There are unusual changes, alright. First, Lawrence’s energy levels shoot through the roof, almost as though he were a teenager in the midst of a growth spurt— can’t sleep, can’t concentrate, can’t sit still. Then, he notices that the coordination in his fingers seems to be failing him, and upon closer examination, he gets it into his head that they have actually become slightly larger and thicker than they were before. Both Patricia and Bob confirm this curious observation. Eventually, Patricia hassles her father so much that he agrees to see Dr. Adams (Sam Flint, of The Lady and the Monster and The Crimson Ghost), who immediately calls in a couple of colleagues to confirm his findings. The reason Adams doesn’t trust his own initial judgement is that Lawrence seems to have developed acromegaly, which is not only very rare, but is virtually unheard of in men Lawrence’s age. (Like practically all growth disorders, it typically makes its onset during childhood or adolescence.) This is very serious business, because there is no known cure for the disease, and it frequently results in death; fortunately, Adams knows somebody who might be able to help. You know already who he’s going to name, right?
So now we can see at last the outlines of Dr. Markoff’s insidious plan. Markoff has an angle on a cure for acromegaly. Lawrence has a daughter whom Markoff wants to marry, regardless of her opinions on the subject. Surely the two of them could arrange a trade? Lawrence won’t go for it, but Markoff isn’t worried. On the one hand, despite his professed refusal to deal, his victim has nevertheless let himself be checked into the clinic, and the sicker Lawrence gets, the more willing to negotiate he may become. And on the other, as Markoff lets Patricia see him treating her father (in addition to his probable cure, he’s got a drug that stops acromegaly in its tracks as long as it’s administered regularly), she might plausibly soften her own opinion of him. Of course, Maxine (who is inexplicably in love with Markoff herself) isn’t going to like this, especially once she figures out that it was Markoff who made the pianist sick in the first place, but the mad doctor has a solution in mind for that little problem, too. Why else do you think an endocrinologist keeps a caged gorilla on hand in his laboratory?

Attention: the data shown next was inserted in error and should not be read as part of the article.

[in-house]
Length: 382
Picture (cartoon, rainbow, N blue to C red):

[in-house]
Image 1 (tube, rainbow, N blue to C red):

The most striking thing about The Monster Maker is the quality of the makeup used to portray Anthony Lawrence’s acromegaly at its most advanced. It’s only slightly less convincing than what was used for the title character in David Lynch’s The Elephant Man (if nowhere near as involved), and that was made more than 30 years later. I think what makes it work so well is the strategic placement of the prostheses— Ralph Morgan’s eyes and lips are left almost completely unobstructed, preventing the mask-like effect that has so often characterized cinematic depictions of acromegaly over the years. Morgan is able to act through his false face, and since he’s one of the better members of The Monster Maker’s cast, that helps the movie out considerably.
What I like best about the film, however, is its weird nastiness of tone. Really, The Monster Maker is not all that good a movie. The piteously low budget shows everywhere but in the aforementioned makeup (the set depicting the front of Markoff’s mansion is especially forlorn), the acting is wobbly (any time J. Carrol Naish can so completely own a film, there’s real trouble afoot), and the second half of the story is in desperate need of tightening up. But The Monster Maker’s spin on the age-old “courtship by coercion” premise has an ugly edge to it that makes for reasonably engaging viewing anyway. There is also a sense in which even one of the movie’s most serious shortcomings turns into an asset, in that the inability of screenwriters Pierre Gendron and Martin Mooney to do much of anything with the character of Patricia Lawrence plays up Markoff’s vision of her as little more than an object, desirable not for any of her own qualities, but solely because of an accidental physical resemblance to somebody else whom he once cared for. That Markoff happens to have disfigured and killed the woman whom he seeks to replace with Patricia adds a further layer of twistedness to the proceedings. It’s not enough to make the movie more than passable, but it was a rare 40’s programmer that aspired to more than that, anyway.